The embattled tourism industry is calling for targeted support from the federal government, as new research shows one-in-five tourism operators could fail this year due to ongoing travel restrictions.
New research by peak industry body Tourism and Transport Forum found 32,000 tourism businesses risk failing this year due to ongoing coronavirus travel restrictions, The Australian Financial Review reports.
Small business advocates and tourism operators have been pushing for extra support for the $50 billion industry, such as progressive loans and temporary wage assistance, after JobKeeper winds down in March.
Anthea Hammon, board member at Sydney’s iconic Bridge Climb and director of Scenic World in the Blue Mountains, told SmartCompany last Wednesday that private attraction businesses have so far missed out on any targeted support from the federal government.
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“We’re the end chain of the tourism supply chain,” Hammon said.
“So they’ve helped travel agents, they’ve helped aviation, they’ve helped zoos and aquariums, but attractions and experiences have been left with very little support.”
Hammon said both Bridge Climb and Scenic World are still experiencing a 75% loss of revenue compared to pre-pandemic years.
“Without a recovery in international tourism, the domestic market is just not big enough to make up the slack,” Hammon said.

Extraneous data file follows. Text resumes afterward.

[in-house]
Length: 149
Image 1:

In recognising the pressure facing tourism operators, some state governments have offered targeted support to encourage interstate travel.
Victoria budgeted $28 million for a Regional Tourism Voucher Scheme, for example, which offers $200 vouchers to any resident who can prove they have already spent $400 on accommodation or attractions in regional Victoria.
Council of Small Business Organisations Australia chief executive Peter Strong says unlike other industries, tourism is not yet able to see when it will recover because of there is no definitive date as to when international travel will pick up.
“It’s quite a huge impact,” Strong tells SmartCompany.
Strong expects the tourism industry will bear the brunt of the end of JobKeeper on March 31, however, he does say there will likely be targeted support from the federal government.
“Where and how will be interesting … I expect something will come out at least in the budget, if not beforehand,” he says.